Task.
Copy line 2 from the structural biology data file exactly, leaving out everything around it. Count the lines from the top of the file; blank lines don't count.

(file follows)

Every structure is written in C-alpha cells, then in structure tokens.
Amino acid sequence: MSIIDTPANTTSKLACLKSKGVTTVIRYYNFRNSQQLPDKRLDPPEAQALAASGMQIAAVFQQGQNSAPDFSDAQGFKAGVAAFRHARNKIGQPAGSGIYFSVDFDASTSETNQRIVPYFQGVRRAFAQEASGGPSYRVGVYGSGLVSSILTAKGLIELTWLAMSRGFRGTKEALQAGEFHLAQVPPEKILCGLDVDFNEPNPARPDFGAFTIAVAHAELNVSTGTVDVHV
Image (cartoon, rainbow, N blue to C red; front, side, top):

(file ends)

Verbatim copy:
Amino acid sequence: MSIIDTPANTTSKLACLKSKGVTTVIRYYNFRNSQQLPDKRLDPPEAQALAASGMQIAAVFQQGQNSAPDFSDAQGFKAGVAAFRHARNKIGQPAGSGIYFSVDFDASTSETNQRIVPYFQGVRRAFAQEASGGPSYRVGVYGSGLVSSILTAKGLIELTWLAMSRGFRGTKEALQAGEFHLAQVPPEKILCGLDVDFNEPNPARPDFGAFTIAVAHAELNVSTGTVDVHV